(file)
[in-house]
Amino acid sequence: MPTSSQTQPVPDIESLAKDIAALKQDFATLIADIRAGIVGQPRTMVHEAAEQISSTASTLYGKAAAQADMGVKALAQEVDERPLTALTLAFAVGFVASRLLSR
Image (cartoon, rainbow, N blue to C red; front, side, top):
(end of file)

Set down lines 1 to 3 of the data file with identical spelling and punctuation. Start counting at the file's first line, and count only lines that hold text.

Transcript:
[in-house]
Amino acid sequence: MPTSSQTQPVPDIESLAKDIAALKQDFATLIADIRAGIVGQPRTMVHEAAEQISSTASTLYGKAAAQADMGVKALAQEVDERPLTALTLAFAVGFVASRLLSR
Image (cartoon, rainbow, N blue to C red; front, side, top):